He felt it sweep over him like a cloak. Hot blood flushed into his cheeks, prickling heat across his face and the nape of his neck. His throat tightened at the sides, his heart began to pound, he was sweating, he felt sick. He turned away from the skinhead, looking down, wishing he could disappear. The skinhead didn't hassle him anymore. But the damage was done.

The remainder of the journey was a nightmare. Everyone on the street seemed to be looking at him. It was as if his affliction marked him out, making everyone stare at him. Like some kind of freak. He was conscious of walking fast, but he couldn't help it. He had to get off the street, away from the piercing glares of the passersby.

When he had finally gained the safety of his house, self-disgust had flooded through him. Why? Why so afraid?

Afraid? No. Shy.

He snorted, smiling bitterly. A sweet word. When people thought of shy, it was always kind of cute. Nice. Coy girls in floral dresses, wide-eyed cartoon squirrels. Not a crippling, awful sensation that made your tongue too thick to speak and locked up your brain. But that was what it meant to him. And it unmanned him, made him pathetic and weak and ashamed.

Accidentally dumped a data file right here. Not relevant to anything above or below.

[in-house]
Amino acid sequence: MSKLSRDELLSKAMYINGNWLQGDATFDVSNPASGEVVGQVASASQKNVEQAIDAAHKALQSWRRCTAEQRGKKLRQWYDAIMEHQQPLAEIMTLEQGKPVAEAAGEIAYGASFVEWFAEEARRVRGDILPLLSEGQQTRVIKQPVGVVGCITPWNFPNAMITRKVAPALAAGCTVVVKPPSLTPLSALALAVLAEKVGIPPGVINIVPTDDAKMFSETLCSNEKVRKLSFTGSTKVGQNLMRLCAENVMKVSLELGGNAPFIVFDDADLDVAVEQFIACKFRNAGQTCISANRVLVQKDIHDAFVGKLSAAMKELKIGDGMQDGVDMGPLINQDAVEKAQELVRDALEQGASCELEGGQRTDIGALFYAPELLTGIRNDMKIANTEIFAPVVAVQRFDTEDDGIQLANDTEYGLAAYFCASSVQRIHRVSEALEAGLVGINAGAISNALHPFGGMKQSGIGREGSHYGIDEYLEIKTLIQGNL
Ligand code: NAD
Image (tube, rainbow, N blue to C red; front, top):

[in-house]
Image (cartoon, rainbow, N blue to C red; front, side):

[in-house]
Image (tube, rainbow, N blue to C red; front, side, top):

Trembling, he got up and walked unsteadily to the drawers that he had battered seconds earlier. The clocks swam around him in the starfield on the walls. With his good hand, he brought out a box of Swan Vesta matches. Crossing the room, he closed the thick blue curtains, shutting out the dull light, plunging himself into darkness.

He sat back down on his bed and pulled out a match. Slowly, speeding up as he got to the end, he drew it along the sandpaper. It sparked first try, flaring white as the phosphorous head caught, then settling to a steady yellow flame. He watched it, fascinated. Shadows flickered deep on his face in the light of the match. The heat of it was comfort to him. He stared into the heart of the flame, and felt some of the frustration drain out of him. There was peace there, at least.

He let the match burn down, only blowing it out when the pain in his fingertips became too much to bear. He sat there in the darkness for a while, feeling better. Flame was such a calming thing. Just a little match, and he felt okay again.

It was enough. For now.